Executing on your preparation will be the most rewarding and exciting part of the career fair process. It is a time to meet many new people and get to talk about companies of your interest. When you are at the fair, knowing where the company’s booths are can save you time and allow you to meet with more companies. Looking lost and not knowing where you are walking next, may reflect poorly on yourself. When you are waiting in line, review your elevator speech and talking points. The career fair is not a place to make new friends, but you can still be friendly to the people in line. When approaching the recruiter, you should have a firm handshake and a smile. It is in your best interest to come off as confident and friendly. Bombarding the recruiter with your elevator speech immediately may make the recruiter feel apprehensive, since you are meeting for the first time. Whenever the time seems appropriate, ask the recruiter if he or she would like a copy of your resume. Many times they will ask for your resume if you do not ask. After your elevator speech a great transition into conversation about the company would be to ask your specific question that you have prepared. It keeps the conversation interesting for the recruiter and can give you good insight about the position or company. If the conversation is flowing and all feels right, asking a question about how the recruiter got involved in the company is always a safe question. Asking about them personally shows that you are not obsessed with your own accomplishments and it is nice for the recruiter to talk about themselves instead of listening to other people talk.
“A lot of the times, the recruiter is trying to gauge your personality.” Says Issabelle. “You can tell a lot about a person about how you approach the situation, whether you are trying to build a relationship with the recruiter or if you are just trying to get a job”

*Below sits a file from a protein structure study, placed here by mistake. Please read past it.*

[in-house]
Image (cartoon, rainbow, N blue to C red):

After the conversation seems to be ending, ask for a business card. If they do not have their email listed on their card or do not have a card, ask if they have an email that you can reach out to them. Shake their hand, smile and use their name when ending the conversation. Continue to the next booth and hopefully this time you will feel less anxious about talking to a recruiter.
If you had a good conversation with the recruiter, you should reach out and thank them for their time. The email should include a summary of why you would be a good fit for the position and your interest in the company. Reaching out is the simplest of the steps and relies heavily on your memory of your conversation. If you wrote notes or collected business cards, writing the email may be easier. This is a great way to remain professional and reaffirm your interest with the company. You never know when you will come in contact with the same person in the future.
“I took advantage of the networking events that companies host on campus” says Isabella. “I was able to talk to the people at the networking events and the career fair to talk to a lot of people which lead to multiple interviews which is actually where I got an offer for my internship.”